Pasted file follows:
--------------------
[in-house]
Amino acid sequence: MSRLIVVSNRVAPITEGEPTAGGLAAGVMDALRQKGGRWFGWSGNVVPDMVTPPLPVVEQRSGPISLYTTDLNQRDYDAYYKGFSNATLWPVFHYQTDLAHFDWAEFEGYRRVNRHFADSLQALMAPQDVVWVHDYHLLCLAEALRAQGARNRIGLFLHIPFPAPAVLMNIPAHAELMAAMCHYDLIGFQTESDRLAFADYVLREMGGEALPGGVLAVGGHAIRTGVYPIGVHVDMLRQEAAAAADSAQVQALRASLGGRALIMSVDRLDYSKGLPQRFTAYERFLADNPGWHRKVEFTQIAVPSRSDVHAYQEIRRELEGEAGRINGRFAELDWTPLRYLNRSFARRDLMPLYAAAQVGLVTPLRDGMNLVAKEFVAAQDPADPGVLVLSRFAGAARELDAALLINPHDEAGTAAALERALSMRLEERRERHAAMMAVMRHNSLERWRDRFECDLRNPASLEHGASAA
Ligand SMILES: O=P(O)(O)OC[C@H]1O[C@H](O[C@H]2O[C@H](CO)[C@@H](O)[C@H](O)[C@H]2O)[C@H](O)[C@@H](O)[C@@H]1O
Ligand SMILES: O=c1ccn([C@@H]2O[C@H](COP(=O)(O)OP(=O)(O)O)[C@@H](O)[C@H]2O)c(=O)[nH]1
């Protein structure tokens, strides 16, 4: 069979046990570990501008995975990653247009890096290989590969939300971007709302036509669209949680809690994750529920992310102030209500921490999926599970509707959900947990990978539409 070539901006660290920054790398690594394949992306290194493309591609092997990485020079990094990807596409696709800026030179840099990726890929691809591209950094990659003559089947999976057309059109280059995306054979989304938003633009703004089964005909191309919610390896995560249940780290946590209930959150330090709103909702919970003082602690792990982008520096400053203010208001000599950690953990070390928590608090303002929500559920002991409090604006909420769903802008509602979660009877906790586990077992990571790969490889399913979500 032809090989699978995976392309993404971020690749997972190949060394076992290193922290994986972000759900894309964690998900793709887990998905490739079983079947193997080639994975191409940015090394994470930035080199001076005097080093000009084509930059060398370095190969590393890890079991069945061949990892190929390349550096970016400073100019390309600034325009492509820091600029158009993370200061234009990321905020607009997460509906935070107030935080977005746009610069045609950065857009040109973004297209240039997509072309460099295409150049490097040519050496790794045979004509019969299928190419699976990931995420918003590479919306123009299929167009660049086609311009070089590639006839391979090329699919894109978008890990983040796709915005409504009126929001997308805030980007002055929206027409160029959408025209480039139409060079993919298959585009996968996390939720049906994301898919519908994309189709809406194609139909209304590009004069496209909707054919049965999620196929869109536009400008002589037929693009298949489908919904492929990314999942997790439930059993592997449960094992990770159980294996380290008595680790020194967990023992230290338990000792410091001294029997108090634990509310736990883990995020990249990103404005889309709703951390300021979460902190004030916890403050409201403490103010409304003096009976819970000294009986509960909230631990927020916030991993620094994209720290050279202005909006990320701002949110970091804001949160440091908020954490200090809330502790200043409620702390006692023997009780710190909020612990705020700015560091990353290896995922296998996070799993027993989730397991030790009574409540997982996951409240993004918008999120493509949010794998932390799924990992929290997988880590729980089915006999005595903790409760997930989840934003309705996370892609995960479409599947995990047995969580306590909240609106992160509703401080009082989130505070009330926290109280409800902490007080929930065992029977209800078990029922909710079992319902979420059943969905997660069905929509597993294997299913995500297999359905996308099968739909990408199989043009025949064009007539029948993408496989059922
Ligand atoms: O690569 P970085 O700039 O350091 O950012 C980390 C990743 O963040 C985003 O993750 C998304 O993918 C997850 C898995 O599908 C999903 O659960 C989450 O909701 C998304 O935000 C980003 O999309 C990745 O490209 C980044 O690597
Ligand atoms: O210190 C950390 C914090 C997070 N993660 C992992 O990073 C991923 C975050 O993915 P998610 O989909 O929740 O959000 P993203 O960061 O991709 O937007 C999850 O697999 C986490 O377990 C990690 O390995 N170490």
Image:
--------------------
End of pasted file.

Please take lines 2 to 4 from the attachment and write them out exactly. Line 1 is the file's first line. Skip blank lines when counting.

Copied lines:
Amino acid sequence: MSRLIVVSNRVAPITEGEPTAGGLAAGVMDALRQKGGRWFGWSGNVVPDMVTPPLPVVEQRSGPISLYTTDLNQRDYDAYYKGFSNATLWPVFHYQTDLAHFDWAEFEGYRRVNRHFADSLQALMAPQDVVWVHDYHLLCLAEALRAQGARNRIGLFLHIPFPAPAVLMNIPAHAELMAAMCHYDLIGFQTESDRLAFADYVLREMGGEALPGGVLAVGGHAIRTGVYPIGVHVDMLRQEAAAAADSAQVQALRASLGGRALIMSVDRLDYSKGLPQRFTAYERFLADNPGWHRKVEFTQIAVPSRSDVHAYQEIRRELEGEAGRINGRFAELDWTPLRYLNRSFARRDLMPLYAAAQVGLVTPLRDGMNLVAKEFVAAQDPADPGVLVLSRFAGAARELDAALLINPHDEAGTAAALERALSMRLEERRERHAAMMAVMRHNSLERWRDRFECDLRNPASLEHGASAA
Ligand SMILES: O=P(O)(O)OC[C@H]1O[C@H](O[C@H]2O[C@H](CO)[C@@H](O)[C@H](O)[C@H]2O)[C@H](O)[C@@H](O)[C@@H]1O
Ligand SMILES: O=c1ccn([C@@H]2O[C@H](COP(=O)(O)OP(=O)(O)O)[C@@H](O)[C@H]2O)c(=O)[nH]1